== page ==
[0015] Furthermore, other securing mechanisms such as mechanical fasteners, like snap-fit fasteners or friction fit fasteners, may be used to secure the components together in their relative positions before, during or after the cavity is filled or the adhesive is cured.

[0016] The one or more components may include one or more guidance mechanisms to facilitate positioning of the components. For example, a mortise-and- tenon or tongue-and-groove guides may be used to maintain the components in the desired relative position or orientation. Further, the guidance mechanisms may be used to ensure the desired volume of the joint cavity is maintained during filling or curing. For example, stops or spacers may be used to make sure the cavity does not become too small. Likewise, mechanical fasteners may be used to make sure the joint cavity does not become too large. In addition, the guidance mechanism may be used to limit the area on the components that the adhesive contacts such that over spreading of adhesive is limited.

[0017] Before, during or after formation of the joint cavity, the joint cavity is filled with an adhesive. The joint cavity may be filled through any access point to the cavity. Exemplary access points include one or more apertures or through holes in one of the components. Other access points include near an edge of one or more of the components adjacent to the joint cavity.

[0018] Any suitable filling technique may be used. In one embodiment, the adhesive can be injected into the cavity. Without limitation, injection techniques include applying positive or negative pressure to the adhesive; thus, forcing it through the access point. This can be accomplished using a syringe and plunger, a screw and extruder, combinations thereof, or the like.

[0019] In one embodiment, the access point is covered or closed after the joint cavity is filled, although this is not necessarily the case. For example, the aperture may be closed by a plug, rivet, stopper, cap, screw, patch, combinations thereof, or the like. [0020] The curing step increases the strength of the bond between the components. The adhesive need only be cured to the extent that the bond has sufficient strength to permit handling of the bonded article.

[0021] The curing method will depend on the type of adhesive selected, and the type of adhesive selected will depend on the materials comprising the components. Curing may be accomplished upon application of adhesive via a variety of known mechanisms including heat cure, infrared cure, ultraviolet cure, chemical cure, radio frequency cure, solvent loss cure, moisture cure, shear force application cure, although the preferred adhesive requires only exposure to ambient conditions to cure. In another embodiment, the curing of the adhesive can be delayed to constitute a cure-on-demand adhesive that requires a separate operation to cause the adhesive to begin to cure. In one embodiment this is achieved by using an encapsulated curing agent that ruptures during assembly. In another embodiment this is achieved by removing a protective coating to . expose the adhesive to ambient conditions.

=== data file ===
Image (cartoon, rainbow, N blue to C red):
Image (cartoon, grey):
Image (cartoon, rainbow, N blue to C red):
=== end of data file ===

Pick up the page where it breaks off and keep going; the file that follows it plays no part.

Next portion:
[0022] The methods of the present invention may suitably be used to form any bonded article from two or more components. For example, the methods may be used to make articles for transportation vehicles (e.g., automobiles, boats, trains, tractors, motorcycles, or airplanes), buildings, electronics, or other manufactured products. In ~ one preferred embodiment, the articles may be useful in or on automobiles. For example, front-end carrier assemblies, cross-car beam assemblies, tailgate/liftgate assemblies, door assemblies, water conductor assemblies, radiator end tank assemblies, oil pan assemblies, engine intake manifold assemblies, valve cover cylinder head assemblies, other engine components, other exhaust system components, exterior trim, interior trim (e.g. instrument panels), structural supports and components to automotive vehicle frames (e.g. bumpers), combinations thereof, or the like are all suitable articles that may be manufactured according to the present methods. Exemplary components may be found in applications serial no. 10/051 ,417 ("Adhesively Bonded Valve Cover Cylinder Head Assembly"), serial no. 09/922,030 ("Adhesively Bonded Water Conductor Assembly"), serial no. 09/921 ,636 ("Adhesively Bonded Oil Pan Assembly"), and serial no. 09/825,721 ("Adhesively Bonded Radiator Assembly"), hereby incorporated by reference.

[0023] The present methods preferably are used to bond components made of dissimilar materials (e.g., metal to plastic, metal to wood, plastic to ceramic, a plastic to